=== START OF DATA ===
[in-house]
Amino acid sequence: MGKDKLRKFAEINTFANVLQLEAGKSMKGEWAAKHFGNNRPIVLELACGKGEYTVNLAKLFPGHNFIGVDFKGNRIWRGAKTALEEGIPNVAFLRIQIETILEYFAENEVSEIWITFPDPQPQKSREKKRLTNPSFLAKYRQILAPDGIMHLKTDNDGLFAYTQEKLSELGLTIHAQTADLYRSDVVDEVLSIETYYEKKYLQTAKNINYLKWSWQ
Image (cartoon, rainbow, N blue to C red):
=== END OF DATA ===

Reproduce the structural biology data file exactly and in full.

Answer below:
[in-house]
Amino acid sequence: MGKDKLRKFAEINTFANVLQLEAGKSMKGEWAAKHFGNNRPIVLELACGKGEYTVNLAKLFPGHNFIGVDFKGNRIWRGAKTALEEGIPNVAFLRIQIETILEYFAENEVSEIWITFPDPQPQKSREKKRLTNPSFLAKYRQILAPDGIMHLKTDNDGLFAYTQEKLSELGLTIHAQTADLYRSDVVDEVLSIETYYEKKYLQTAKNINYLKWSWQ
Image (cartoon, rainbow, N blue to C red):